SECTION 2. Analysis & Alternative strategy
2.0 The problem is that of designing an environment for people, who occupy a few square feet and need tens of square feet to move (2.0/1), which can also accommodate a large number of motor cars, which occupy hundreds of square feet (2.0/2) and need thousands of square feet to move(2.0/3). This has consequences for housing design (2.0/4) and for urban form (2.0/5). There are also other characteristics of motor cars which damage the local environment so that a large number of them in an urban setting has the effect of encouraging people to spread out spatially in trying to avoid the nuisances of heavy traffic (2.0/6).
2.1 The town designed and developed without the motor car has many advantages for people with a low vehicle use (2.1/1) and because they do not require large areas of transportation space (and there is less need to withdraw from traffic nuisance) they can be denser than towns developed for mass motor car transport for the same environmental standard.(2.1/1a). This brings, of itself, many advantages of accessibility of urban facilities (2.1/2). Further, these facilities can be grouped together in such a way to increase accessibility over that possible with the high vehicle use of mass motor car transport after the simple density effect has been discounted. (2.1/3)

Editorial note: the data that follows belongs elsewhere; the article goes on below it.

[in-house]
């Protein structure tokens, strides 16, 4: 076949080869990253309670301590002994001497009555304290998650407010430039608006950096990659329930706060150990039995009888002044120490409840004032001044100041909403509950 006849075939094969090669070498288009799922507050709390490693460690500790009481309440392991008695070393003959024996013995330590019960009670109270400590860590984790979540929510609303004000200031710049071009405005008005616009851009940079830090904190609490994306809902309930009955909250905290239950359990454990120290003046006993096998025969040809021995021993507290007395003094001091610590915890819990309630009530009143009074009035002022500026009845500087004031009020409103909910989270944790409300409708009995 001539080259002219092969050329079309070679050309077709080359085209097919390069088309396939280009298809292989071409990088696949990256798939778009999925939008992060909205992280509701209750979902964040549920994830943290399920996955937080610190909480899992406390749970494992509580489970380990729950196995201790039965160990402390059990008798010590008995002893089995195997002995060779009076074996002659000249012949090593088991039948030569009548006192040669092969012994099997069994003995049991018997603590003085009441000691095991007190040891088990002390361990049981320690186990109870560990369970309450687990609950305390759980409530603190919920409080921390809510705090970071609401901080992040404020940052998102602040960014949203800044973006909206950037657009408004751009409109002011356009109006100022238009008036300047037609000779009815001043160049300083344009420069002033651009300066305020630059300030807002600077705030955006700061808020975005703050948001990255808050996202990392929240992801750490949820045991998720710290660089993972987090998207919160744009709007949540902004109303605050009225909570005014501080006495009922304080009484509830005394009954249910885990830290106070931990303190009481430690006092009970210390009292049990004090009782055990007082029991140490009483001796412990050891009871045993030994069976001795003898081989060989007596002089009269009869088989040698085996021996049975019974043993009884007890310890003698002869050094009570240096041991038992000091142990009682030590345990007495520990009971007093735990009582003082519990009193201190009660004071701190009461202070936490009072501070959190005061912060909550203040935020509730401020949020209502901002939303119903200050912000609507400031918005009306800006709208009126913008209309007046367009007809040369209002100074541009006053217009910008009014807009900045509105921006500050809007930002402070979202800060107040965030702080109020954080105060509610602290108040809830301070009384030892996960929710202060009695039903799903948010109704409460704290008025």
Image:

2.2 Within a low vehicle usage town, whilst they are in a minority, individuals with a high vehicle use can benefit from the facilities generated by the low vehicle use structure (2.2/1) as long as they do not have to bear their external costs. Since, at present, this is the case, when the number of people with high vehicle use increases within such a town, the town is gradually reshaped to become one more suited to high vehicle use (2.2/2). This reshaping is a very painful process (2.2/3) and the public are not all happy with the end result (2.2/4) and a very high cost in resources will have been paid (2.2/5).
2.3 There is the following important point to note: the two types of town never exist simultaneously; one being created from the other by external costs of people with high vehicle use, who parasitically use the facilities of the pedestrian towns whilst helping to destroy them (2.3/1). Thus the public is never presented with a choice between a low vehicle use town with all its facilities and a high vehicle use town with the facilities it can provide.